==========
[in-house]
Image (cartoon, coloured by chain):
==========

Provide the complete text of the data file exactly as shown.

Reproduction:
[in-house]
Image (cartoon, coloured by chain):